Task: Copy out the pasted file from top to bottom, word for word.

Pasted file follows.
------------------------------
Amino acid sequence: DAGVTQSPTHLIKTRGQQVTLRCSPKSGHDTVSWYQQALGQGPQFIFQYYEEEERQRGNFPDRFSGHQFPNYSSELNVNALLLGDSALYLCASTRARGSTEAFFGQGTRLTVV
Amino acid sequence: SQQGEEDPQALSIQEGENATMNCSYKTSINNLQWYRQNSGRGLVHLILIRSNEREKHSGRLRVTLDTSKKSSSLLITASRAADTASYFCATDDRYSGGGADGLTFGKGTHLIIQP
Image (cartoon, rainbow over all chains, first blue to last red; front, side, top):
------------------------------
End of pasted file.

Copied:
Amino acid sequence: DAGVTQSPTHLIKTRGQQVTLRCSPKSGHDTVSWYQQALGQGPQFIFQYYEEEERQRGNFPDRFSGHQFPNYSSELNVNALLLGDSALYLCASTRARGSTEAFFGQGTRLTVV
Amino acid sequence: SQQGEEDPQALSIQEGENATMNCSYKTSINNLQWYRQNSGRGLVHLILIRSNEREKHSGRLRVTLDTSKKSSSLLITASRAADTASYFCATDDRYSGGGADGLTFGKGTHLIIQP
Image (cartoon, rainbow over all chains, first blue to last red; front, side, top):